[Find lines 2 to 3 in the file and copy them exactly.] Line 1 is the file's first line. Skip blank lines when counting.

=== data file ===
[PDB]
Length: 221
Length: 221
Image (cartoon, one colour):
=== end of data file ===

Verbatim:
Length: 221
Length: 221